The Seven "New" Tools For Quality Management
Last month I discussed the seven traditional tools used in quality management. As problems have increased in complexity, more tools have been developed to encourage employees to participate in the problem-solving process.
Executive Director, Center for Manufacturing Systems, New Jersey Institute of Technology
Last month I discussed the seven traditional tools used in quality management. As problems have increased in complexity, more tools have been developed to encourage employees to participate in the problem-solving process. Let's review the seven "new" quality management tools being used today.
The affinity diagram is used to generate ideas, then organize these ideas in a logical manner. The first step in developing an affinity diagram is to post the problem (or issue) where everyone can see it. Next, team members write their ideas for solving the problem on cards and post them below the problem. Seeing the ideas of other members of the team helps everyone generate new ideas. As the idea generation phase slows, the team sorts the ideas into groups, based on patterns or common themes. Finally, descriptive title cards are created to describe each group of ideas.
The interrelationship digraph allows teams to look for cause and effect relationships between pairs of elements. The team starts with ideas that seem to be related and determines if one causes the other. If idea 1 causes idea 5, then an arrow is drawn from 1 to 5. If idea 5 causes idea 1, then the arrow is drawn from 5 to 1. If no cause is ascertained, no arrow is drawn. When the exercise is finished, it is obvious that ideas with many outgoing arrows cause things to happen, while ideas with many incoming arrows result from other things.
A tree diagram assists teams in exploring all the options available to solve a problem, or accomplish a task. The tree diagram actually resembles a tree when complete. The trunk of the tree is the problem or task. Branches are major options for solving the problem, or completing the task. Twigs are elements of the options. Leaves are the means of accomplishing the options.
The prioritization matrix helps teams select from a series of options based on weighted criteria. It can be used after options have been generated, such as in a tree diagram exercise. A prioritization matrix is helpful in selecting which option to pursue. The prioritization matrix adds weights (values) to each of the selection criteria to be used in deciding between options. For example, if you need to install a new software system to better track quality data, your selection criteria could be cost, leadtime, reliability, and upgrades. A simple scale, say 1 through 5, could be used to prioritize the selection criteria being used. Next, you would rate the software options for each of these selection criteria and multiply that rating by the criteria weighting.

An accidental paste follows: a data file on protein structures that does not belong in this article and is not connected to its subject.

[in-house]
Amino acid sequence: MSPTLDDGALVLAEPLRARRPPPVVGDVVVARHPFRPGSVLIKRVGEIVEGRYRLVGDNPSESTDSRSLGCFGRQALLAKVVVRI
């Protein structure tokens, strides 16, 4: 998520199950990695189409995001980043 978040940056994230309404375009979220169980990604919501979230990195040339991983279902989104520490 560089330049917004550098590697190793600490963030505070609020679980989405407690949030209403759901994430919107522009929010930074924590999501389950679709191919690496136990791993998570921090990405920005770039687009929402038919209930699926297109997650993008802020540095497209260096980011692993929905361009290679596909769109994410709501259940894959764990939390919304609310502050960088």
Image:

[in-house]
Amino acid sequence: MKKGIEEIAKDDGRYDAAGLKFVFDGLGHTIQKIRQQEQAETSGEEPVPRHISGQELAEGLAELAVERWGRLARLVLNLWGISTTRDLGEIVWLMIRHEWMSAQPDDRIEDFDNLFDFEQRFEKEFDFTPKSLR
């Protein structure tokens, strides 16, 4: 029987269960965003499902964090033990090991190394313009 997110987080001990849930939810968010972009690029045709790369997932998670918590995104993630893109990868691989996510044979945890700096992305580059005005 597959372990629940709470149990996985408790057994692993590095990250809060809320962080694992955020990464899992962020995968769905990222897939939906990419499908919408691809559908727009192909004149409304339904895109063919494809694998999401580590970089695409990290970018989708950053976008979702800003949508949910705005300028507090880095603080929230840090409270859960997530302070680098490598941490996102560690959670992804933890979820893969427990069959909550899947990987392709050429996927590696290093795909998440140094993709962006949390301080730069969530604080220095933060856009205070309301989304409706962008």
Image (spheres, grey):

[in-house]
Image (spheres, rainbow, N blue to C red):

The matrix diagram allows teams to describe relationships between lists of items. A matrix diagram can be used to compare the results of implementing a new manufacturing process to the needs of a customer. For example, if the customer's main needs are low cost products, short leadtimes, and products that are durable; and a change in the manufacturing process can provide faster throughput, larger quantities, and more part options; then the only real positive relationship is the shorter leadtime to the faster throughput.
The other process outcomes—larger quantities and more options—are of little value to the customer. This matrix diagram, relating customer needs to the manufacturing process changes, would be helpful in deciding which manufacturing process to implement.
The process decision program chart can help a team identify things that could go wrong, so corrective action can be planned in advance. The process decision program chart starts with the problem. Below this, major issues related to the problem are listed. Below the issues, associated tasks are listed. For each task, the team considers what could go wrong and records these possibilities on the chart. Next, the team considers actions to prevent things from going wrong. Finally, the team selects which preventive actions to take from all the ones listed.
The activity network diagram graphically shows total completion time, the required sequence of events, tasks that can be done simultaneously, and critical tasks that need monitoring. In this respect, an activity network diagram is similar to the traditional PERT chart used for activity measurement and planning.
Try these tools in your company to generate solutions to some of your ongoing problems.